Although industry is now the predominant branch of activity, agriculture retains a great importance in the Canadian economy; it contributes 9% to the net income produced and 12% to the value of exports (1971). It is estimated that forests occupy 48% of the land area, while less than 8% is used for agricultural activities; the remaining surface remains unproductive due to the enormous extension of the tundras and ice to the north. According to the 1971 census, there were 366,128 agricultural workers, but the figure is lacking. In addition to traditional cereal crops and extensive farming, which is still the cornerstone of agriculture today, the breeding of fur animals and fruit (apples) are growing rapidly. For Canada 2013, please check physicscat.com.
The cultivation of wheat contracted slightly (120-130 million q in 1970-72); the production of other cereals (barley and oats above all, 90 and 60 million q respectively) is always considerable. Fruit development continued in Columbia Brit. and by the great lakes; in the temperate Niagara Peninsula, in addition to grapevines, horticulture has taken hold. Soybeans expanded in Ontario (140,000 ha and nearly 3 million qq 1970-71), along with tobacco, which is also present in southern Quebec. The three prairie provinces continue to be strong producers of cereals, but while for wheat Saskatchewan exceeds the production of the rest of the country combined, followed closely by Alberta and Manitoba, Alberta has the primacy for the oats and barley.
Gigantic barrage works on the St. Mary, Waterton and Belly rivers in Alberta are nearing completion: they will ensure irrigation of over 200,000 ha; 120,000 ha are already irrigated in Columbia Brit., And another 200,000 will be irrigated in Saskatchewan, once the network of adductor channels from the dams on the river of the same name is completed.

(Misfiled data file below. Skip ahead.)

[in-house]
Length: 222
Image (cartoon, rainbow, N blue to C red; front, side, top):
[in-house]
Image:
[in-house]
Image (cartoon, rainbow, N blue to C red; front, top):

The other three great and traditional resources of Canada, livestock, timber and fishing retain an important role. In some areas of Alberta and Saskatchewan, wild farming is still practiced on a large scale, but elsewhere it is subsidiary to agriculture.
Beef cattle were 10.5 million in 1972 and dairy cows 2.2 million; the three provinces of the prairies and Ontario have the primacy of cattle, as well as that of pigs and sheep. Poultry farming is widespread and conspicuous (101 million chickens and turkeys in 1972) and egg production. The dairy industry, starting from 1960, showed a strong tendency towards centralization, so that the number of farms was halved and production increased (1970: 8.4 million tons of milk, 1.7 of butter and 1, 1 of cheese). Fur animals have growing importance: in 1970-71 in Canada 3 million wild fur animals were captured, mainly beavers, and then seals, lynxes, foxes, minks, for a value of 13 million dollars. But minks,
Nearly half of Canada’s forests can yield marketable timber, mostly soft pulp for newspaper pulp; from 1965 to 1972 production fluctuated around 100 million m 3, subject as it is to strict state control. Fishing now supplies 1.3 to 1.5 million tonnes per year; the product has therefore grown by 30% compared to the annual average of fifteen years ago.